Picture this: wall art that folds down into a table that seats five or more for dinner. That’s the idea behind the space-saving picture tables designed by Austrian designer Verena Lang of Ivy Designs. The fold-down frame can be ordered with a mirror, blackboard, or plexiglass window to accommodate artwork. Two models remain fixed to the wall, seating five: the unfinished spruce-wood Standard model, and the upgraded Classic model, which offers a choice of finish. Both have two legs and measure approximately 51 in. long by 33-1?2 in. wide by 29-1?2 in. tall. The slightly larger (approximately 59 in. long) Premium model has four legs and can be detached from the wall to seat six. Worldwide shipping is available; prices start at $1068. More information at ivydesign-furniture.com —D.J.S.
I once lived in a studio apartment with a hideaway kitchenette—a tinny, stainless-steel affair with Lilliputian appliances and a flimsy louvered door. Thankfully, the idea of a concealed kitchen has come a long way: The Stealth Kitchen by YesterTec Design Company is a high-end, flexible, hidden-kitchen system featuring full-size appliances and worksurfaces (oven, cooktop, sink, counters, dishwasher, fridge, microwave, and ample storage) that remain hidden behind finely crafted cabinetry that can be installed in any room. The basic kitchen, measuring 6 ft., runs $16,000 (plus appliances); custom arrangements can be made to order in any size. More information at resourcefurniture.com. —M.L.
Easy Stow Stools
The three-legged Svelto Round Stacking Stools from British furnituremaker Ercol don’t just stack—they sculpt themselves into a distinctive tower when nested together. The matte-finished oak stools, which retail for $345 each, stand about 19-1/4 in. high and have a slightly concave round seat with a diameter of about 17-34 in. Designed by Lisa Sandall, the stools recently received the Design Guild Mark Award for excellence in British furniture design. Though not quite so dramatic when stacked, the Svelto Stacking Bar Stool ($480) offers a slightly more contoured seat and a 27-1/2-in. height. The company’s website lists several U.S. retailers. More information at ercol.com. —D.J.S.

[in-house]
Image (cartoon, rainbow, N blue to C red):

The Murphy bed, with its unpredictable spring mechanism, played a recurring role in slapstick comedy for years. A modern, improved iteration from transFORM is lightweight and designed to disappear completely into its surrounding custom cabinetry. Manufactured in the United States, the beds are available with either a traditional spring or modern piston mechanism and come in standard twin, full, and queen sizes. The folded bed projects a minimum of 16 in. from the wall; it is 82-3/4 in. high when mounted vertically and 46-1/2 in. high when mounted horizontally. All designs are custom and priced accordingly; a basic unit in a white laminate finish starts at $3500 (the piston mechanism ups that to $6000; the unit shown is about $20,000). Cabinetry can be crafted in a wide array of veneers and finished with a choice of thousands of stains and paint colors. More information at transformhome.com. —M.L.
Debra Judge Silber is design editor, Matt Higgins is assistant editor, and Maria LaPiana is a freelance writer specializing in home design. Photos courtesy of the manufacturers.